By Gary Buiso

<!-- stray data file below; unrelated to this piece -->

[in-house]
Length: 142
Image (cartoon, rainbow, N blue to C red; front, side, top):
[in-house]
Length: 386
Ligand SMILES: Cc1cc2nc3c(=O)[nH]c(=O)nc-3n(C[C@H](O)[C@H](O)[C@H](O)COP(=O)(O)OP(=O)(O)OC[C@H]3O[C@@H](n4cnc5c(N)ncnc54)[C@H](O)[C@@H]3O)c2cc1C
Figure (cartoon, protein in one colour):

Exiled from a city-owned facility in Sunset Park, a popular boxing program has found a welcome mat in Red Hook. The Police Athletic League boxing ring—albeit a newer, smaller one—is now being moved to the PAL Miccio Day Care Center, 595 Clinton Street. For Pat Russo, the director of boxing for the Police Athletic League (PAL) and the NYPD Boxing Team, the new home is a satisfying win, but it’s no knockout. “It’s a good thing—but I’m not giving up on Sunset Park,” said Russo, a retired sergeant from the neighborhood’s 72nd Precinct. Back in October, the program and its boxing ring were booted from the park house in Sunset Park, located at 4302 7th Avenue. Russo said the program attracted about 25 kids and young adults, aged 10-21, every night, during its 20 years of existence. He said the program was especially helpful keeping at-risk teens away from the poisonous influences that could set them up for a life of ruin. Russo said PAL officials in Red Hook heard about the boxing program’s well-publicized Sunset Park problem, and notified him that there was unused space available. Russo said the Red Hook facility would continue to attract the older kids from Sunset Park. For younger children, though, he said, the commute “could be tough.” “What do you tell them?” he wondered. “They are out there on the street, and they are looking at the cops and saying, ‘How could you shut down the program?” The blame should be placed on the shoulders of the city’s Department of Parks and Recreation, for evicting the boxing program from Sunset Park, Russo said. He has in the past blasted Parks Commissioner Adrian Benepe as being “anti-boxing,” a charge the agency has rejected. Warner Johnston, a spokesperson for the Parks Department, said the agency’s position remains as it was in October. “Nothing has changed for us,” Johnston said. At the time, Johnston told this paper that there was no more room for the boxing program in Sunset Park because of an expanded after-school program in the same building. “The grant funding we received allows us to service double the number of children we currently serve with structured, meaningful after-school programs that provide academic and athletic enrichment six days a week throughout the year,” he said at the time. This week, Johnston added, “We are drawing more children than ever. Unfortunately, the two programs couldn’t coexist with the finite amount of space.” Russo noted that the Sunset Park building offered about triple the amount of space as the Red Hook facility. Johnston said the boxing ring was a permanent feature, and took up too large a portion of the gym. “We couldn’t have kids playing there, it’s very simple,” Johnston said. “We are quite pleased they were able to locate alternate facilities,” he added. Russo stepped outside the boxing ring for inspiration. “It’s never over until it’s over,” he said, paraphrasing Yankees great Yogi Berra. Russo said his objective all along was to maintain a boxing program in Sunset Park. “My dream is to have one in every precinct,” he said. But, like Berra also once said, “When you come to a fork in the road, take it.” And that’s what Russo will do. “Kids will be training in Red Hook for the Golden Gloves,” he said, referring to the boxing tournament. The Sunset Park program was the last city-housed facility of its kind on Brooklyn. There are currently three other city-housed boxing programs: one in the Bronx and two in Queens. Russo said he was grateful for the new space, thanking U.S. Senator Charles Schumer for publicizing the issue, as well as City Coun-cilmember Sara Gonzalez and State Senator Marty Golden, for championing the program’s cause. “With the Golden Gloves tournament just around the corner, this new gym space in Red Hook is the perfect Christmas gift for these kids,” Schumer said. “This new space will ensure that Patty Russo and the PAL program continue to provide guidance and positive outlets in Brooklyn neighborhoods,” he added. Doris Montgomery, the director of the day care center, said the boxing program would be a welcome addition to the building. “It gives kids a chance to work off that energy, and get the anxiety out in a creative way,” she said. Also, she continued, “They learn a skill and I think it’s very good for the community.” Presently, children ages two through five attended the center, and that will remain unchanged. An after-school program operating inside the building ended in September, opening the door, literally, for the boxing program’s relocation. “It fills the void,” Montgomery said.